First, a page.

The Wikipedia page on the history of science and technology in China gives a taste of this with “matches, dry docks, the double-action piston pump, cast iron, the iron plough, the horse collar, the multi-tube seed drill, the wheelbarrow, the suspension bridge, the parachute, natural gas as fuel, the raised-relief map, the propeller, the sluice gate, and the pound lock”.

  8. Only a thousand years? Why thank you for your flattery, but it was more like ten, a hundred thousand. Western languages, on the other hand, took the whole thousand years and is a mishmash of about fifty languages; at least Chinese was standardized in the Qin dynasty.

  9. why are you proud of something you don’t even contribute to? So your granpa was smart. Yay. Are YOU smart? Didn’t think so..

  10. “And if you’re providing a program to translate Chinese into English (presumably because the user doesn’t speak English), which language do you think you ought to display the error message in?”

    Using a machine to translate from your native language to one you don’t understand is a bad idea anyway – at least without checking it. Using it to translate into your native language, on the other hand, generally works well. So it’s not unreasonable for the translation software to display errors in the destination language.

  11. The problem here is that the xlation software probably has a “source language” and “target language”.  It also has a translation backend server to which it sends the text.  If it can’t get at the translation server, the only thing it can do is output a standard error message.  I guess it would be best if the client errors were themselves localized – so that “translate server error” was printed in the “source language” instead of English, but that’s pretty expensive and a bit too much to expect for what should be a last-chance error handler for a rare situation.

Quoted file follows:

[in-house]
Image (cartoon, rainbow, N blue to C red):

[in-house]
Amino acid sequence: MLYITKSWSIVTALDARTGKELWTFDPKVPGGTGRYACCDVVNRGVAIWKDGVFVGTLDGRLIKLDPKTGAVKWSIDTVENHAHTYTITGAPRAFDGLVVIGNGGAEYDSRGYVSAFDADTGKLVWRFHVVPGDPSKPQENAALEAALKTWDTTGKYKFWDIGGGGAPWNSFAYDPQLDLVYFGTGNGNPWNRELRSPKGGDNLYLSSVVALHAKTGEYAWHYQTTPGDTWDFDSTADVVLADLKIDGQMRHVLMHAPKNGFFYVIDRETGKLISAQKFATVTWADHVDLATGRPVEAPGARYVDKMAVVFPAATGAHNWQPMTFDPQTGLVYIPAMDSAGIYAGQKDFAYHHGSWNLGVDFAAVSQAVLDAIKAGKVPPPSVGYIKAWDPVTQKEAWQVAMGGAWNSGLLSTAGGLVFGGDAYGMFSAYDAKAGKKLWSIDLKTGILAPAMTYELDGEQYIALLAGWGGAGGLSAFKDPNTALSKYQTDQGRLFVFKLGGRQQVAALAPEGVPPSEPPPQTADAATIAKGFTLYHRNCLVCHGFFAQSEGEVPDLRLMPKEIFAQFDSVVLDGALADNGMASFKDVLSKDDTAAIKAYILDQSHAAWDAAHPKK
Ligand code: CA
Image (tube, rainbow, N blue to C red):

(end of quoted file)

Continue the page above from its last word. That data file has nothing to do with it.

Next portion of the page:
12. He who builds translation systems, writes error messages for the intended users. Internet gives access to anyone with access… and no one except the world speaks all languages.

  13. this is hilarious. in belize i saw a few mistranslated signs. (to english)which is interesting, english is the official language there and quite widespread

  14. I agree I’ve seen this translation dotted around a fair bit, maybe there’s a very inaccurate auto translation tool that’s really popular in China. Either way, I think these companies should try using <a rel=”follow” href=”http://www.rosettatranslation.com”>translation agencies</a>. Real language professionals wouldn’t make such careless mistakes and they can apply the human factor that machines can’t. I feel for the restaurants that now have to re-print all their menus because the translations are completely useless but it goes to show that language accuracy shouldn’t be underestimated really.

  15. Two points:

    – The simplest check that I can think of for translation software is to have it translate the results back into your native language. You might or might not pick up on the empirical sauce, but you’d probably notice ‘Translation Server Error’, at least.

    – Websites that display SQL or database-related error messages are begging to be hacked. They’re holding up a sign that says “Anything you enter here will be processed by our database without being sanitised by the application first! Have fun!”

Leave a Reply

Your email address will not be published. Required fields are marked *